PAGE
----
Here's an estate administration outcome that will certainly grab the attention of many individuals in California and across the country.
To wit: An individual -- a dad, say -- takes out a hefty life insurance policy that names his wife as beneficiary. He derives confidence from knowing that she and the couple's kids will be well taken care of in the event of his death.
His marriage does not work out, and he eventually remarries. He subsequently passes away, while the policy is still in force.
When the insurance proceeds are ultimately paid out, the entire amount goes to his second wife (his children's stepmother), despite that outcome never having been anticipated or desired by the decedent. He was simply unaware that the state in which he was domiciled automatically canceled out the beneficiary designation listing his ex-spouse. Such is the law in many states.
Here's another eye-opening scenario, which plays out routinely across the country in the wake of less-than-stellar estate planning. A would-be planner who remarries assures the kids of his first marriage that they will be provided for in his will. Unfortunately, he never gets around to executing that document. As a result, all his assets go by default to his second spouse following his death, and she is not motivated to share anything.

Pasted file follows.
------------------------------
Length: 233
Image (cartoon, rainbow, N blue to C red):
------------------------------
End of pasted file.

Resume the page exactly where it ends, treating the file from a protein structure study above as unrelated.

Such outcomes -- unexpected and sometimes yielding results that are the polar opposite of what an individual wanted -- are increasingly common in the United States as families become ever-more complex in their nature and composition.
There is an antidote to things gone wrong in estate administration outcomes, and it is this: timely and well-tailored input from a seasoned estate planning attorney that comprehensively considers a person's stated objectives and takes all reasonable measures to optimally promote them.
A proven estate administration lawyer can provide further information.